Tuesday, 27 January 2009

Dreams of Presidency (3)

The EUobserver has interviewed Graham Watson, the leader of the Liberal Group in the EP who is hoping to become the President of the European Parliament after the European elections. The suggestion that the EPP and the PES have already decided on the next two presidents does not bode well for Watson's campaign. German Liberal MEP Alexander Alvaro, though he supports Watson's candidature as a positive move, has said in an interview that without a PES-EPP split, Watson's chances are "close to zero". (Alvaro's interview covers a lot of other topics related to the EP elections).

Several issues are covered in Watson's interview, including ALDE's prospects at the next election (Watson hopes to retain the same proportion of seats, of course), the environmental impact of the EP, and his campaign for the presidency. While he highlights the need to bring the EP, and the EU as a whole, closer to citizens, no specific examples of how this could be achieved were given.

Watson has a website especially set up for his campaign, and there's a section where you can ask him questions, if you want to be more activist.


  1. As criticised previously (http://julienfrisch.blogspot.com/2009/01/ep-elections-2009-34-european-liberals.html), a big problem is also that this candidature of Watson for EP presidency is more a sign of weakness than of strength: Instead of nominating a visible figure for EC President, ELDR/ALDE could just agree to put forward an almost unknown person for EP President.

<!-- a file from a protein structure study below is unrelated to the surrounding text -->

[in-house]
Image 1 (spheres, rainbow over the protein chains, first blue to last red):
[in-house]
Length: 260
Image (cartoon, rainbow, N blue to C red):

2. And I agree with that 100%. I find Watson's claims to have built up the group's strength a bit strange too, since I can't really see what affect he can have.
    It's extremely disappointing that every party has shown itself to have not even the basic political courage required to run a election campaign.

    However the parties are unlikely to change before the election, especially since the EPP have admitted that it will be almost solely national parties who will drive their campaign. The only positive developments have been the PES manifesto and Watson's "presidental" campaign.

    Despite the weakness of these two, I think Watson is making the right sounds generally. I know my posts must come across as very naively optimistic about the impact it can have (and I'm fully aware how unlikely it is to be successful), but I'll wait a bit longer to see what Watson does.

    I might ask a few questions myself about how he can drum up interest in the elections, since that's the whole point. And see if he's as open to suggestions or questions as his website appears.